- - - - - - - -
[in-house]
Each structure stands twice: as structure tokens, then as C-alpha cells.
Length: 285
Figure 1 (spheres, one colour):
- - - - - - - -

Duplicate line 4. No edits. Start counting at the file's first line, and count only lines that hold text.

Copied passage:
Figure 1 (spheres, one colour):